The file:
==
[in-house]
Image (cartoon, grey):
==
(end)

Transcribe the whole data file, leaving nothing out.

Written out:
[in-house]
Image (cartoon, grey):